The Newcomer Adult ESL Program in Regent Park is an off-shoot of the Homework Club program. Most of the learners are parents of the children in the program, primarily Somali, East African and South Asian women who have had limited opportunity to study English in Canada and may have had limited schooling in their home countries. Tutors and learners focus on essential English reading, writing and communication skills, as well as job search and citizenship.
The Adult ESL Program at the Alexandra Park Community Centre assists parents and grandparents of pre-school children who are participating in the Early Years program at the centre. Learners range from basic beginner to intermediate level. Tutors work one-to-one or with small groups of learners, assisting them with essential English communication skills, including vocabulary, pronunciation and speaking.
The Independent Studies Program is a community-based adult literacy program offered in several Toronto locations that provides learning opportunities to people with disabilities. The program helps students work towards greater self-confidence and personal independence so that they can take part in or move on to other educational, employment or life opportunities. Most of the learners live with some form of cognitive or developmental disability, so the program is not suitable for students with diagnosed or suspected learning disabilities.
We look for volunteers who enjoy the challenges and rewards of working with adults who may have different ways of learning and defining progress. There are no "special techniques" or "expert methods" for working with people with developmental disabilities. We assist real people to develop realistic skills that help them live in the real world. The role of the tutor is to facilitate learning through encouragement, guidance and support to achieve meaningful learning goals set with a student.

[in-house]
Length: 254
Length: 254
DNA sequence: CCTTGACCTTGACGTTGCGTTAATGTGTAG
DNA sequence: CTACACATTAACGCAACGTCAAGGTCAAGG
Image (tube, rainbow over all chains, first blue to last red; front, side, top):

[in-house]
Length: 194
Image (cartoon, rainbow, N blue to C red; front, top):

Learners work on learning outcomes such as reading, writing, math and basic computer skills in a creative project-based way. These learning outcomes also include interpersonal skills, life skills, learning how to learn skills, improving confidence, self-esteem, and practical living skills.
Frontier College offers programs for youth at several Toronto locations. The Beat the Street services include literacy upgrading, a GED preparation course and computer skills training. The program includes literacy and basic skills training, a GED preparation course, and computer skills training. Participants can focus on one or two areas or can move through all three.
Beat the Street/Literacy and Basic Skills
The Literacy and Basic Skills program helps students improve reading, writing, and math skills so that they can find and keep a job, or go on to further education or training. Students learn in a supportive environment.
Beat the Street/GED Preparation Course
This course prepares students to pass the GED exams at the Independent Learning Centre and receive the Ontario High School Equivalency Certificate issued by the Ministry of Education. Completing the GED exam opens doors to post-secondary education and helps students qualify for apprenticeships.
Beat the Street/Computer Skills Training
The computer skills training program offers a flexible way for students to gain valuable computer skills. They learn Microsoft Office using the latest interactive, computer-based training program. Students can also receive certification as a Microsoft Office Specialist in our authorized testing centre. This is the only comprehensive certification program designed to validate desktop computer skills using Microsoft Office programs.
Skilled Trades Academic Upgrading
In partnership with the skilled trade unions, Frontier College provides participants with a range of essential skills and comprehensive academic upgrading courses to help them meet the entrance apprenticeship requirements. Participants are enrolled in a multi-week intensive program comprised of correspondence courses accredited by the Independent Learning Centre (ILC). With support from Frontier College tutors and program staff, participants acquire the academic and essential literacy skills necessary to help them enter the workforce.
For more information or to volunteer with Frontier College in Toronto, please call 416-923-3591 or email firstname.lastname@example.org.